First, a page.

A year or two ago, I was traveling between my university dorm room and my permanent residence which involved transporting my computer through the airport. When I got home, reassembling the PC seemed to be normal. Upon booting up, all the fans twitched and nothing would happened. After hours of diagnosing, I proceeded to Microcenter to purchase a new PSU while the old one was in RMA. Successfully, the computer booted and all the components whirred to life. Except the AIO pump, which decided that it had lived a long and fulfilling career, and would end its run by emitting grinding noises before completely seizing. After replacing the AIO, I was finally able to start using my PC again, running a few benchmarks to test stability before resuming full use. A few months later, I decided to upgrade to an M.2 SSD and a few other components, which once again took my PC out of commission for a week. Although it was hard to tell, I was eventually able to prove that the SSD unit was DoA and replaced it, leaving me a system that I'm still using to this day.
  • Eht
    One time, as I was getting new parts to migrate my PC to an ITX case, before I knew a lot about part compatibilities, in the process of upgrading my computer, I played around with BIOS settings, including accidentally changing my RAM to an incompatible frequency. In a panic, I thought that I had bricked my new parts, or old parts, and had no clue what to fix, so I spent the next two weeks and 30+ hours buying new parts, side parts (like different GPU riser cables), exchanging parts, returning parts (including getting the same RAM kit replaced twice), and disassembling and reassembling my ITX PC trying to individually test each part, before a friend mentioned to me that I had just set the ram frequency incorrectly. And that it should have taken me 5 minutes to fix.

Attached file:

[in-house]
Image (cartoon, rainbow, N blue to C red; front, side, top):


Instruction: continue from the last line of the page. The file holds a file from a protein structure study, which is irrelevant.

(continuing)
• Recently built a pc for a friend's brother in another state, 4 months later i get a call saying it doesn't boot. still need to call gigabyte and troubleshoot with a 12 year old. so far i've eliminated the ssd, ram, psu, bios settings, vga, and cpu i'm pretty sure it's either os or MOBO.
  • GTech
    GTech ✭✭
    First Anniversary Photogenic First Comment
    edited January 2021
    Oooo I've got some good stories ;)
    - There was the time when I was helping diagnose the built-in fan hub in my buddy's NZXT Noctis 450 and I plugged the 5-pin power header into a 4-pin fan connector and caused magic smoke

    - Or the time when I completely shattered my side panel by accident

    - Or the time that I did this because I could

  • Ed_H
    Tried to improve the air flow in a case. Moved an SSD (OS) and HDD (data) out of the case's basement. The HHD went on top of the PSU shroud. The SSD went behind the motherboard.
    Turned on the computer. No boot device. Tried again. No boot device.
    Opened the back panel, everything was connected. Rechecked power and SATA cables on both drives.
    Restart. No boot device.
    Put the two drives back in the basement. Boots straight to Windows.
    Remount the drives to behind the motherboard and on top of the shroud. No boot device. 
    Double check the modular SATA power cable for the SSD. It was not quite pushed in all the way. In the basement, no problem. Behind the motherboard, just enough tension to pull the connector out of the PSU a tiny bit. Reseated the SATA power cable at the PSU with a good click, and the computer was good to go.
  • Vince123
    In 2014, my family decided to splurge and buy a new computer for the household. My parents decided upon a all-in-one pc which basically looked like an oversized iPad with a desktop. While in the process of setting up the wires and cables through the desk holes, my dad accidentally nudged the pc off the desk. Unlucky for us, the desk was near the station that my dad uses for his home improvement projects. There were power tools just laying around the and pc just happened to slid off the wrong end. The screen goes straight down onto the tools. BAM! The whole screen is dented and the most of the display won't even light up anymore.